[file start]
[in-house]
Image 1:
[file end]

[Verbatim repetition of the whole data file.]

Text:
[in-house]
Image 1: